- In order to determine whether the appeal was properly before court, it had to be confirmed that the issues of constitutional interpretation and application being raised, arose through the normal appellate mechanism so as to reach the court. The question as to whether the appellant’s right to fair trial was infringed by failure to accord him legal representation at the expense of the state or by failure to inform him of the right to legal representation was raised for the first time at the Court of Appeal. The issue was neither raised at the Resident Magistrate’s Court nor at the High Court. In addition, none of the articles of the constitution in the petition of appeal was the subject of interpretation and application at the High Court.
- The Court of Appeal was at fault for entertaining the question of legal representation as one of the grounds of appeal despite acknowledging that it was never raised in thelower courts. To allow the appellant to ignore the normal hierarchy of courts would amount to abuse of the process of court. The Supreme Court lacked jurisdiction to entertain the appeal pursuant to article 163(4) (a) of the Constitution.
Petition of appeal dismissed with no orders as to cost.
|CIVIL PRACTICE AND PROCEDURE
Principles courts should consider before grant of an extension of time
Kenya Revenue Authority v Krish Commodities Limited  eKLR
Civil Application No 23 of 2019
Supreme Court of Kenya
MK Ibrahim, JB Ojwang, SC Wanjala, NS Ndungu, &
I Lenaola, SCJJ
January 23, 2020
Reported by Robai Nasike Sivikhe
Civil Practice and Procedure- limitation of time- application for extension of time- principles a court should consider when exercising the discretion to extend time- where a delay of one-month was incurred in an application to appeal- whether a reasonable explanation had been issued to warrant the grant of an extension of time- Constitution of Kenya, 2010, articles 159 and 163(4)(a); Supreme Court Act, No. 7 of 2011, sections 21(2) and 24 Rules 23; and Supreme Court Rules 2012, rule 53.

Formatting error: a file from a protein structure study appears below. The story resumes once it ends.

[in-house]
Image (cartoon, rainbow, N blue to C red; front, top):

The applicant filed a notice of appeal on July 5, 2018 but failed to file the substantive appeal within the required timelines hence leading to the application before the court for extension of time to file the appeal.
The applicant claimed that it filed its Notice of Appeal on July 4, 2018 and served it on July 13, 2018 in compliance with the Supreme Court Rules. However, it was unable to file the appeal for lack of the Court of Appeal judge’s notes during the hearing which, despite request made, were issued to him beyond the statutory timelines for filing an appeal to the Supreme Court.
- What principles should a court consider when exercising the discretion to extend time?
- Whether a reasonable explanation was issued to warrant the grant of an extension of time where a one-month delay was incurred.
- Whether the matter could have been considered one of general public importance if an extension of time was granted.Read More...